Air Force Regulations on Female Hair

by Maggie O'Leary

Each branch of the military has strict guidelines pertaining to dress and appearance of military personnel. This includes female hair standards. Air Force standards for uniform wear and personal appearance are governed in Air Force Instruction (AFI) 36-2903, Dress and Appearance of Air Force Personnel. Female hair grooming standards are covered in Table 1.5, Personal Grooming Standards.

Grooming Aids

Female Air Force members should not use an excessive amount of grooming aids, such as hair pins, ponytail holders, or barrettes. These items should be the same color as the female's hair. Ribbons, beads and hair scrunchies are not authorized for wear.

Hair Color

Hair color should present a natural appearance, such as blond, black or brunette. Hair color cannot be a faddish color, such as purple, pink or blue.

Hair Length

Hair for females may not touch the eyebrows in the front, the ears on the sides, or the top of the uniform collar in the back. Bangs are not allowed to be worn as a general rule. If hair is longer than the top of the uniform collar, it must be worn up, or cut to meet the standard.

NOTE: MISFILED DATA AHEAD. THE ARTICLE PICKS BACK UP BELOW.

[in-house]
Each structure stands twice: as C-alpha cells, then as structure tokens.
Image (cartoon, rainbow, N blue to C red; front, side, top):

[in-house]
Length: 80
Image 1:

Hair Size

If the hair is long and must be worn pulled up, the bulk of the hair may not exceed more than 1.25 inches. This includes buns and ponytails.

Safety

Hair must be worn in a way that allows for proper wear of required safety equipment, including chemical protective masks, safety goggles, and military headgear.

Styles

Females are not permitted to shave their heads or wear other styles deemed to be 'faddish' by the Air Force. This includes a high-and-tight or flat top military hair cut. Dreadlocks are not authorized for wear by Air Force personnel. Wigs and synthetic hair that meet length and bulk standards are authorized for wear as long as they do not impede safety requirements.

About the Author

Based in Oklahoma, Maggie O'Leary has been writing professionally since 2001. O'Leary has served in the United States military since 1997 and is a two-time OIF veteran. She has been published in several local military and civilian newspapers and national media outlets including "The Washington Post" and CNN. O'Leary has a Bachelor of Arts in history and legal studies.